Perfumery goes back 5,000 years with the Egyptians who used perfumed oils for religious ceremonies such as the scented gums of myrrh and frankincense.
A fragrance house can supply a manufacturer of scents over 3,000 base ingredients. Diethyl phthalate (DEP), is used as a solvent and fixative in fragrances to make the scent last longer. Diethyl phthalate is a plasticizing agent that was created to make plastic more flexible.
According to the – Campaign for Safe Cosmetics. many of these chemical compounds have been shown to be allergy causing and hormone disruptive. There are several phthalates that have been listed as endocrine disruptors and attention has focused on their potential cumulative effects on woman, men and reproductive health.
There are different ways of making perfumes. In creating natural perfumes it can be an arduous and long process depending on the formulations and process that is chosen to extract the essences from the natural substances.
Some of the processes are a combination of Extraction/Distillation. I mainly use this combination in my creations.
Distillation can involve heating the desired material to a certain temperature and condensing it into a vapor that is collected.
Maceration involves a process of ingredients soaked in water, oil or solvent to draw out the fragrant compounds. This can be difficult and tedious but some essences are best done this way along with other processes.
Expression involves compressing materials and squeezing out the aromatic oils.
Enfleurage is a two step process drawing out fragrances into a fat or oil base and then one must extract it with an alcohol.
It is going to be an exciting year for me and Angel Blue Perfume LLC as I work to create and bring to market some of the finest, natural, sensual perfumes that are oil, leaf, root, flower & spice plant essence inspired perfumes and cologne. They are toxin free, synthetic free and never tested on animals!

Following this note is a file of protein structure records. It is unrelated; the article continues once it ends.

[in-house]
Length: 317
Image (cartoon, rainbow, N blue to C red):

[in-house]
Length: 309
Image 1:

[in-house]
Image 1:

I do hope you will follow me on my journey of truly distinctive, niche perfumery at angelblueperfume.com
Live your vision, walk in your light-
Tommie Flannery Baskis
Angel Blue Perfume LLC
The excerpt below is from a writing published by Dr. Mercola, a distinguished and reputable osteopathic physician. In 2009 he was named the Top Ultimate Wellness Game Changer.
I caution against using any synthetic perfume or cologne, or any other synthetically fragranced personal care product, as they’re almost always loaded with synthetic chemicals that have been linked to cancer, reproductive toxicity, allergies, and more.
And although the US Food and Drug Administration (FDA) actually has direct authority to regulate harmful ingredients in cosmetics and personal care products, it doesn’t exercise it… The Environmental Working Group (EWG) explains:1
“When you see ‘fragrance’ on a personal care product’s label, read it as ‘hidden chemicals.’ A major loophole in FDA’s federal law lets manufacturers of products like shampoo, lotion, and body wash include nearly any ingredient in their products under the name ‘fragrance’ without actually listing the chemical.
Companies that manufacture personal care products are required by law to list the ingredients they use, but fragrances and trade-secret formulas are exempt.”
What does this mean for a health-conscious person like yourself? When you purchase a fragrance, it could contain any number of the 3,100 or so stock chemical ingredients used by the fragrance industry. What blend is in most products you buy, exactly, is virtually impossible to ascertain, aside from testing it in a lab – and this is actually what the Campaign for Safe Cosmetics did…